In one year, the consumer prices have grown of 6 %, estimated the Insee at the end of October. Confronted with this inflation, “consumers are reacting by changing their food purchases”, with in particular a progression of the demand towards the first prices, analyse the associations. And the organic sector suffers, with a drop in sales of about 7 to 10% in one year. “The sector has an unfair reputation of systematically more expensive products, explains to Reporterre the president of the Fnab, Philippe Camburet. In reality, the prices of conventional food products have increased more than those of organic, because they are more dependent on energy and nitrogen products [fertilizers].” Other issue: the development of a multitude of labels such as “High Environmental Value” or “zero pesticides”, “which appropriate the codes of the organic label while they are far from offering the same level of requirement, and create confusion among consumers,” he believes.
Worse, the “dislike” for the organic would be supported by the disengagement of the mass distribution. In fall of 7,3 % between January and September, the proposals of organic assortments in big distribution continue their decline ” at a very fast rhythm “, estimate the three associations. For the profession, this phenomenon is “very worrying, because it may fuel the decline in demand. The less organic products are promoted, the less consumers are encouraged to buy them. An analysis that the Federation of Commerce and Distribution (FCD) disputes. It argues that organic products have a place of choice in their shelves: “The supply of organic products in supermarkets is much higher than the share of organic in the turnover of the brands. For example, in October, the organic weighed 8.2% in the offer of the signs, against 4.6% of their sales, “says the Federation to Reporterre.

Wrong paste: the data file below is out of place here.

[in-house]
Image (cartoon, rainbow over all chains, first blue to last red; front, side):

0 euro for communication in the budget 2023
Faced with food giants that flood screens with expensive advertising spots, the sector is concerned that it is “not fighting on equal terms”. A year ago, the government undertook to revitalize the sector by releasing 500,000 euros to communicate on “bioreflexes”. A campaign that has borne fruit, but has remained very insufficient, says Philippe Camburet. Unfortunately, the 2023 finance bill does not envisage continuing the campaign. A significant loss for the Fnab, which claims in a statement to the Ministries of Agriculture, Ecological Transition and Health, to supplement in the PLF 2023 the budget of the Organic Agency to the tune of 500,000 euros each to allow the continuation of the campaign #Bioréflexe. “It is an agricultural issue of course, but also protection of biodiversity, water quality and the fight against global warming. It is also a health issue for the French. The Ministry of Health must take clear directions in terms of prevention,” explains Philippe Camburet.
Questioned in early November by Nupes MP Mickaël Bourloux on the support to be given to organic farming, the government defended its record. “After a period of sustained growth, the organic sector is structurally entering a new stage of its development. He believes that the sector must consider “new growth relays”. He also recalls that the organic sector will be provided with 340 million euros annually as part of the conversion aid provided by the Common Agricultural Policy, that the tax credit will be increased from 3,500 to 4,500 euros from January 1, 2023 and that a new plan for structuring the organic sector has been increased to 13 million euros. In addition, the next Ambition bio 2027 program should be developed soon “to achieve the goal of 18% of SAU [useful agricultural area] organic by 2027,” promised the Ministry of Ecological Transition in its response to the MP.
In June, a report by the Court of Auditors pinned the government’s record, however, whose objectives for 2022 of 15% of agricultural land in organic farming have not been achieved (only 13.4%). According to the report’s conclusions, financial support “is not up to the task, with under-sized conversion aid and maintenance aid abolished”. It also noted that support for innovation in the agri-food industry is “less developed than in the conventional sector” and regretted this “discrepancy”, which cannot be resolved without a major shift in French agricultural policy.
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